Произошла ошибка. Подробности Скрыть
У вас есть несохраненные страницы. Восстановить Отмена

On March 8, 2018, US president Donald Trump issued two proclamations to adjust US imports of aluminum and steel from all countries except Canada and Mexico, key regional allies and trade partners. President Trump asserted that a 25 percent tariff on steel “articles” and a 10 percent tariff on aluminum articles are necessary for the US to develop its domestic steel and aluminum industries and to protect and create jobs. 

  • The US is the world's largest importer of the steel and aluminum articles covered by the proclamations. The import value of steel articles has declined twofold in the last two years, yet remains 32 percent greater than in 2009 and double the value in 2003. In contrast, the value of aluminum articles imported during the last three years has been increasing and is now twice the level in 2000 while remaining below the most recent peak in 2006.
  • Canada and Mexico, which are exempted from the tariffs, constitute 32 percent of total US imports of steel and aluminum articles. China accounts for only 8 percent of US imports of the same steel and aluminum articles.
  • According to the Global Trade Alert (GTA), the US implemented 47 percent of harmful interventions in the steel industry in the period since the start of the global financial crisis. China, however, has made more harmful interventions in the aluminum industry—about 5 percent of total events globally—than any other country, according to GTA.

The US government will potentially collect $7.4 billion a year from the new tariffs, according to the definitions specified in the presidential proclamations and data from the United Nations Statistics Division.

  • Imports of affected steel articles to the US constituted $23.5 billion in 2016, which was nearly half of all US iron and steel imports in 2016 and about 1 percent of total US merchandise imports that year.
  • US imports of aluminum articles constituted less at about $15 billion in 2016, or approximately 80 percent of total US aluminum imports.

The winners and losers among US trading partners vary based on the specific articles.

Steel articles. The top 5 exporters of steel articles to the US are Canada, the Republic of Korea, Mexico, Japan, and Brazil, however, article-by-article trade dynamics modify the impact of the tariffs.

  • The largest categories of steel articles affected by the new tariffs are flat-rolled products, tubes, pipes, and hollow profiles of iron or non-alloy steel.
  • Brazil is the largest exporter of semi-finished products of iron or non-alloy steel to the US.

Aluminum articles. Canada is also among the top 5 exporters of aluminum articles to the US, joined by China, Russia, the UAE, and Mexico.

  • The largest affected category among aluminum articles is unwrought aluminum.
  • China is the largest exporter of aluminum plates, sheets, and strip to the US.

Download our latest US ECONOMY data brief

The US economy has extensive influence on global economic dynamics. Download our US Economy Data Brief to stay up to date with easy access to the most critical data from leading sources.

Материалы по теме

United States: The World's Newest Major Exporter of Crude Oil

In June, US crude oil exports reached historic levels at nearly 2.2 million barrels per day (b/d), a level similar to that of Nigeria and Iran. From 1975 until late 2015, a federal ban on the export of US crude oil severely restricted crude oil exports to all countries except Canada. By lifting the ban, the US Government has transformed the United States into a major exporter of crude oil and a force that is reshaping global oil markets. To date in 2018, the United States has averaged more than 1.7 million b/d of crude oil exports while continuing to import an average of 7.9 million b/d.Although Canada remains an...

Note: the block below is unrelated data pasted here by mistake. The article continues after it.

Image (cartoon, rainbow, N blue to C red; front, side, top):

Export Concentration Index: A Measure of Economic Vulnerability

The concentration index of exports estimates a country’s reliance on a limited group of commodities as its primary source of foreign exchange income. Ranging from 0 (perfect diversification) to 1 (concentrated on a single product)*, a comparison of index scores to the contribution of natural resources to GDP worldwide shows that countries that are resource-rich tend to have less diversified export bases.Last year Iraq’s export concentration index reached 0.97, driven by its export concentration in mineral fuels, namely oil. Other oil exporters—including Angola, Iran, Kuwait, and Nigeria, among others—likewise have high...

An International Trade Perspective on the War in Syria

The Syrian Civil War is the largest ongoing military conflict in the world, already claiming a total of at least 167,000 lives* since civil unrest first erupted in March 2011 on the heels of the Arab Spring. Human life is one measure of a wars devastation. Today, we examine the devastation of war from an economic perspective: international trade.  The disruption in Syrian trade has already lowered its ranking globally from the 88th largest exporter in 2011 to the 141st in 2015.Syria experienced the world's second largest loss of total foreign trade from 2011 to 2015, with exports decreasing by 88 percent and imports by 72...

Taiwan: Trade Profile Shaped by Bilateral Trade with China

Taiwan, an island off the southwestern coast of China, is the most populous state and largest economy that is not a member of the United Nations. Today, Taiwan is home to 23.7 million people, a population comparable to that of Xinjiang, Beijing, and Shanghai. Despite a recent economic slowdown, Taiwan's GDP per capita stands at $25,000, nearly triple that of China. In terms of PPP, Taiwan ranks 77th in the world; China ranks 108th.  While Taiwan is an economic success, the island remains economically dependent on China. Partner dependency and commodity concentration could prove troublesome for Taiwan if mainland-island...